KwaZulu Natal, South Africa– After bringing Africa’s black rhinos back from the brink of extinction one of the most successful conservation programs celebrates its first decade by seeking to extend its operations to more of Africa.
Today government representatives of Botswana, Malawi, Mozambique, Tanzania and Zambia are expected to join in WWF’s African Rhino Program 10th anniversary celebration in KwaZulu Natal, South Africa. They will join government and wildlife representatives, community representatives and eco-tourism operators from the current ARP participating states of South Africa, Namibia, Kenya and Zimbabwe.
“What we know from looking back at the last ten years is that sustained conservation can and does work,” says George Kampamba, WWF International’s African Rhino Program Coordinator.
Most of Africa’s black rhinos are currently found in South Africa, Namibia, Kenya and Zimbabwe, where the species’ decline has been stopped through effective security monitoring, better biological management, wildlife-based tourism and extensive assistance to enable communities to benefit from rather than be in conflict with wildlife.
In 1997, there were 8,466 white rhinos and 2,599 black rhinos remaining in the wild. Today there are 14,500 white rhinos and nearly 4,000 of the more endangered black rhinos.
While WWF worked on rhino conservation throughout its 45-year history, the ARP was notable for its overall approach. Working through field projects, it combined action at every level from local communities to global policy.
One striking and unexpected indicator of the program’s success is that land prices immediately increase in areas where rhinos are re-introduced through a range expansion program. The ARP, which has reintroduced rhinos to national parks, also passed a milestone last year when a KwaZulu Natal community received black rhinos for community-owned land dedicated to wildlife and ecotourism uses.
“It shows that it’s possible to stave off extinction for the rhino in some of its former range by working together with governments, communities and business,” said Dr. Sybille Klenzendorf, director, WWF Species Program. “Now we must secure a future for the rhino in the rest of its range where threats from poaching and development urgently need to be addressed.”
Africa’s savannas once teemed with more than a million white and black rhinos. However, relentless hunting by European settlers saw rhino numbers and distribution quickly decline. The southern white rhino was close to extinction by the late 19th century but concerted conservation efforts have led to a significantly larger population.
Both species of African rhino were listed in 1977 in Appendix I of the Convention on International Trade in Endangered Species of Wild Fauna and Flora (CITES), which prohibited all international trade of rhino parts and products. Despite this international legal protection, the black rhino population at its lowest point dipped to 2,400 in 1995.
In celebration of a decade of rhino conservation, WWF also honored seven leaders as “rhino champions” at Pongola Game Reserve in KwaZulu Natal. These rhino champions have made extraordinary contributions to rhino conservation.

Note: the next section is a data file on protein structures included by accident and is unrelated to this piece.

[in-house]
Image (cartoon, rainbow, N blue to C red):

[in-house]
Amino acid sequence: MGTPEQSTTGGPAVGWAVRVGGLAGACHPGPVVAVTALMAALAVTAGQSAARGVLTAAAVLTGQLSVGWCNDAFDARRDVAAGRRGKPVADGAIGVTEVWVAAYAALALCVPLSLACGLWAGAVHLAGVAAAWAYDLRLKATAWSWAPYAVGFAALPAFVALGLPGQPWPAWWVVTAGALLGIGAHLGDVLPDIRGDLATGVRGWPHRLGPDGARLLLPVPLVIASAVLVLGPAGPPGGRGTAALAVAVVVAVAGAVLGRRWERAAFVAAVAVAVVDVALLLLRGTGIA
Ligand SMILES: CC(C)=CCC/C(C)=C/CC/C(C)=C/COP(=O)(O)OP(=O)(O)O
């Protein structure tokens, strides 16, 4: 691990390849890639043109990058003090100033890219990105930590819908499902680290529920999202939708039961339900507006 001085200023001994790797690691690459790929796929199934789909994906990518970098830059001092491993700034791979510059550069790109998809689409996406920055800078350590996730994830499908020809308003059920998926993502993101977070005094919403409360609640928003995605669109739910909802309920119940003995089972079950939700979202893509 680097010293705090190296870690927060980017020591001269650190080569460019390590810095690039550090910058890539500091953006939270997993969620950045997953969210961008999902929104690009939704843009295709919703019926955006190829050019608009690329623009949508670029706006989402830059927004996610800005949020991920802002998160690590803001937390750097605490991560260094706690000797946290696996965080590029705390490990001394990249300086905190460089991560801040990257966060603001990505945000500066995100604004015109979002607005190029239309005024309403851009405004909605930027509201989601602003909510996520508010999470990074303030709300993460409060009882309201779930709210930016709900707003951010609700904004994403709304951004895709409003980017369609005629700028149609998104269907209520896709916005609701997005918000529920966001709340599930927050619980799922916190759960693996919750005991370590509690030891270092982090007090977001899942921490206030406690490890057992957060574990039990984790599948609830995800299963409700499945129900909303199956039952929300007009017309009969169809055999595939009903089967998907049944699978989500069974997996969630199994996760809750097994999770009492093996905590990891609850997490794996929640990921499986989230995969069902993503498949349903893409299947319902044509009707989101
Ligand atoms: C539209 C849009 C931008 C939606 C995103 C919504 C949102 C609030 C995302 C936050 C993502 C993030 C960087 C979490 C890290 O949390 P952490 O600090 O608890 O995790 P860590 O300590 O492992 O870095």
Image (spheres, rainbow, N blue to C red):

Emmanuel-Cebo Gumbi (known as “Nathi Gumbi”) director, Somkhanda Game Reserve, and member of the Gumbi royal family
Kevin John Pretorius, regional director, Phinda Game Reserve
Clive Vivier, owner, Leopold Mountain Game Reserve
Manfred Kohrs, former chairman, Pongola Game Reserve Association
Dr. Jacques Flammand, project leader, WWF/Ezemvelo KZN Wildlife Black Rhino Range Expansion Project.
Dr. Taye Teferi, conservation director, WWF’s East Africa Regional Program
Jackson Kamwi, senior rhino monitor, Lowveld Conservancy Project
About World Wildlife Fund:
For more than 45 years, WWF has been protecting the future of nature. The largest multinational conservation organization in the world, WWF works in 100 countries and is supported by 1.2 million members in the United States and close to 5 million globally. WWF's unique way of working combines global reach with a foundation in science, involves action at every level, from local to global, and ensures the delivery of innovative solutions that meet the needs of both people and nature. Go to worldwildlife.org to learn more.
NOTES TO EDITORS
- In 1997, WWF established its African Rhino Program, which continues to provide a coordinated approach for WWF’s interventions and contributions to the conservation and management of black and white rhinos in Africa. The program assists African governments in developing and implementing effective national rhino conservation; works to eliminate the illegal trade in rhino horn; and strengthens ties with local communities where rhinos live, building capacity among all stakeholders.
- Until recently, there were six subspecies of African rhinos — two white rhino and four black rhino. However, in the last five years, the western black subspecies has probably become extinct, and the northern white rhino is on the brink of extinction. Where range state governments are committed and engaged in conservation efforts, for the benefit of both the species and local communities, populations are recovering.
- The population of black rhinos across Africa was reduced drastically by poaching, from an estimated 65,000 rhinos in the 1970s to less than 3,000 in the 1990s. The black rhinoceros has four subspecies, of which three (Diceros bicornis bicornis, D.b. Michaeli and D.b. longipes) are listed as “Critically Endangered” in the IUCN Red List of Threatened Species.